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Celtics moving forward - Tank, trade or tough-it-out?

 With the Celtics mired in mediocrity with a 13-14 record (roughly one-third of the regular season in the rear-view mirror), something needs to change. That's a 27-game sample, enough to know that this team, as it stands roster-wise and strategy-wise, is not a Title contender


So what happens going forward? Purposeful tanking didn't work on Philadelphia, and the same goes for Boston. Besides, Beantown fans are spoiled. Even hope for landing a future star in the June draft would not offer enough compensation for sinking into the abyss.

But an argument can be made that - if the Celtics are going to lose more games than they win - play the kids. See what they can accomplish with consistent floor time.

Then, how about a trade. I wrote previously about the question of Dennis Schroder as keeper, trade chip or gone this off-season:

"... the only way I see him (Schroder) being traded prior to the deadline is if the Celtics' season goes south." 

Well, guess what? Boston is south of a winning season, and particularly with Jaylen Brown out of action so often recently, things don't look bright for The Green. Schroder and Enes Freedom would both be candidates for a trade prior to the deadline. And frankly, breaking up the Jay team pairing at some point is not out of the question, and it almost certainly would be Brown as the one to go.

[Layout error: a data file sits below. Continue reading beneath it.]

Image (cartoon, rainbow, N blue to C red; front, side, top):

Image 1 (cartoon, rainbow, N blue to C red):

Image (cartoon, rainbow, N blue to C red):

Lastly, do the Celtics tough it out and keep going on their current path. I emphatically say, "NO"! There are few rewards in maintaining the status quo. That means no high lottery picks and little chance of going anywhere should Boston make the post-season. 

A trade of some type is inevitable - either pre-deadline or in the off-season. There is always a bit of pain involved in such a transaction, but it may be time for Brad Stevens to get out of his comfort zone and make a bold move reminiscent of his predecessor in the front office - a guy by the name of Danny Ainge

 


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